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Spotted cat looks are stalking fall fashion, and women are pouncing upon the latest fare with excitement and zest. Everywhere you look, fashion is taking on an African mentality, with jungle images exciting a native vitality and mesmerizing with pure natural beauty. Of course, the skins are faux (copied incredibly well), which allows us to satisfy our lust for animal beauty without the price of life.  We don’t have to kill anymore. 


Here are some typical highlights of the newest African intrigue:   


  1. The diamond ultra-corporation De Beers, originally the mining and marketing diamond behemoth, crossed over into jewelry design some time back.  Their latest offering is The Talisman Collection of African-mask pendants, with large channels of clear and brown diamonds forming a tribal face.  Name of one:

The Gugu-Nimba Amulet Pendant.  Do not ask the price. 

  1. Spotted cats provide the pattern for plush leopard print fedora, cloches, and other wintry hats and caps.
  2. Leopards claw their way onto the fashion scene in exquisite print clutches and handbags by Ralph Lauren, along with many others.
  3. Silvery animal horns are growing dramatically more popular, used especially as pendants, and sometimes looking almost lethal when used in multiples as a chocker. 
  4. Python skins are hot, hot, hot.  Major use: handbags.  Also search out fabulous looking snakeskin designs in bangle bracelets.
  5.  Zebra stripes give the latest black/white color rush new meaning. See them on clutch bags, handbags, bangles.
  6. Vera Wang works brilliantly with snakeskin looks. Check out her striking pearled      snake necklace that curls around the neck without a closure.
  7. Spots and stripes mix in profusion as SOHO comes forth with a spectacular     collection of diamond-faceted horn,-like bangle bracelets.  Elegant!



SEEING SPOTS:  In the apparel field, Michael Kors has a winner in his mink collared black-spotted crepe tan coat.  Not to be outdone, Ralph Lauren has a range of leopard print clutches and handbags fit for any Fifth Avenue safari.  The fedora, this season’s ultra chic choice, can be had in a variety of felt leopard finishes.  The same holds true of warm-weather velvet caps and hooded scarves:  watch for the leopard spots-they’re fast movers this season.


But the leopard isn’t the only animal making inroads in fashion.  Classic zebra black and white stripes imprint clutch bags as well as bangles.  And, though there are no tigers native to Africa, the tiger’s unique markings are almost as prevalent in any fashion hunt, giving it an added boost of desirability.  Look for tiger prints in scarves and leather accessories, especially.  One fine jeweler combines enameled cat markings on a collection of bangles with a single station of clustered diamonds.  Wild and refined, combined.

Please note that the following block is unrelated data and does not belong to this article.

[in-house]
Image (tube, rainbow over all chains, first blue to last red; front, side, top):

SNAKES GO COSTUME:  Staying in a dangerous mode, luxurious snake designs are reemerging as a favorite jewelry theme. And, don’t forget, snakes have always been a major design image for fine jewelry, dating back to ancient Egypt. Now, they can slink through both fine and costume jewelry, with equal panache.  Vera Wang creates an impressive snake-like necklace with a double strand of pearls making up the body, both ends tipped with detailed silver.  The necklace curls loosely around the neck, without a closure. Positioning of the necklace is also snake-like in its flexibility.  Other forms of serpentine art are multiplied in bracelets and rings. 


Children’s jewelry is always a site to find animal charms such as paw prints or lions, elephants or giraffes, mingling in a stretch bracelet.  Elephants (politics aside) are big in every respect:  not only do they look marvelous on cuff or link silver plate bracelets, but people everywhere believe that, if the elephant’s trunk is raised, the elephant is sure to bring good luck.  So elephants make for an excellent gift choice.


DRAGONFLIES AND BEETLES: Other exotic life  forms crowding jewelry counters are enameled colored crystal bird brooches — not to mention pin-makers’ penchant for the whole world of insects such as butterflies, bees, spiders, ladybirds, dragonflies and beetles. The quality craftsmanship in select brooches conceals their present-day origins, as many look like priceless heirloom pieces from the Victorian age.


Art Nouveau techniques are popular in the latest African-inspired trend, especially in silver-plate pendants featuring charming depictions of giraffes, zebras and elephants, alone or grouped.  Gold highlights and metalworking detail add to charming realism, and many pendants have pin backs to allow for double fashion duty.



More and more customers choose to make up their own charm bracelet menageries, and they can mine the dozens of silver-plated charms available that feature wildlife from just about every continent:  monkeys, lions, rhinos, elephants, rabbits, bear, buffalo, and alligators.  And it’s just a short skip over to the domestic animal collections of dogs, cats, fish and birds. 


TRY A BUYING SAFARI:  So open your doors to some untamed newcomers. Go natural. Go green.  Bask in the gorgeous light of the Dark Continent’s most precious creations. Travel the buyer’s circuit.  There’s a lot of animal magnetism in fashion; it looks good, and sells even better.

Comments (0) Posted by Mary McGarry on Wednesday, October 15th, 2008

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